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HindustanTimes Thu,18 Dec 2014

Claims of energy drinks have no strength: Experts

Barry Meier, The New York Times  New York, January 02, 2013
First Published: 22:57 IST(2/1/2013) | Last Updated: 22:59 IST(2/1/2013)

Energy drinks are the fastest-growing part of the beverage industry. In the US, sales are reaching more than $10 billion in 2012 - more than Americans spent on iced tea or sports beverages like Gatorade.

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Their rising popularity represents a generational shift in what people drink, and reflects a successful campaign to convince consumers, particularly teenagers, that the drinks provide a mental and physical edge.

But the drinks are now under scrutiny by the US Food and Drug Administration after reports of deaths and serious injuries that may be linked to their high caffeine levels.

However, one thing is clear: the energy drink industry is based on a brew of ingredients that, apart from caffeine, have little, if any benefit for consumers.

"If you had a cup of coffee, you are going to affect metabolism in the same way," said Robert W Pettitt, an associate professor at Minnesota State University, who has studied the drinks.

Energy drink companies have promoted their products not as caffeine-fuelled concoctions but as specially engineered blends that provide something more.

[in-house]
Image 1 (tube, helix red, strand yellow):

For example, producers claim that "Red Bull gives you wings," that Rockstar Energy is "scientifically formulated" and Monster Energy is a "killer energy brew."

Promoting a message beyond caffeine has enabled the beverage makers to charge premium prices.

A dearth of evidence underlies such claims. Only a few human studies of energy drinks have been performed and they point to a similar conclusion, researchers say - that the beverages are mainly about caffeine.

"These are caffeine delivery systems," said Roland Griffiths, a researcher at Johns Hopkins University who has studied energy drinks.

A scientist at the University of Wisconsin became puzzled as he researched an ingredient used in energy drinks like Red Bull and Monster Energy.

The researcher, Craig A Goodman, could not find any trials in humans of the additive glucuronolactone that is related to glucose.

He eventually found two 40-year-old studies from Japan that had examined it and found it made lab rats swim better.

"I have no idea what it does in energy drinks," he said.


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